Skip to main content
padlock icon - secure page this page is secure

Unit Social Cohesion in the Israeli Military as a Case Study of “Don't Ask, Don't Tell”

Buy Article:

$52.00 + tax (Refund Policy)

U.S. military policy “Don't Ask Don't Tell” (DADT) restricted integration of gays in the U.S. military based on the premise that knowledge of gay peers would decrease interpersonal bonds among unit members. Despite the heated debate over DADT, this social cohesion thesis, reflecting the tensions of homosocial desire, has not been tested empirically. The Israeli military provides an operative case‐study for this thesis, given its nonexclusionary policy and intensive combat experience. Measures of perceived social cohesion and knowledge of gay peers were obtained from a sample of 417 combat and noncombat male soldiers using an inventory of interpersonal emotions towards unit members. A MANOVA of social cohesion by knowledge of gay peers and combat/noncombat unit yielded the hypothesized increase in cohesion in combat versus noncombat units. Yet contrary to the DADT premise, knowledge of gay peers did not yield decreased social cohesion. Comparisons with the U.S. military are presented, suggesting in both cases a loose coupling between stated policies and soldiers' experience on the ground. Implications of these findings for the reassessment of DADT and its repeal are discussed.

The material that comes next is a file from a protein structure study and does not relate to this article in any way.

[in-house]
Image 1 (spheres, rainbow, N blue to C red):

No References
No Citations
No Supplementary Data
No Article Media
No Metrics

Document Type: Research Article

Affiliations: 1: Bar Ilan University 2: University of Haifa and Interdisciplinary Center Herzliya

Publication date: August 1, 2012

  • Access Key
  • Free content
  • Partial Free content
  • New content
  • Open access content
  • Partial Open access content
  • Subscribed content
  • Partial Subscribed content
  • Free trial content
Cookie Policy
X
Cookie Policy
Ingenta Connect website makes use of cookies so as to keep track of data that you have filled in. I am Happy with this Find out more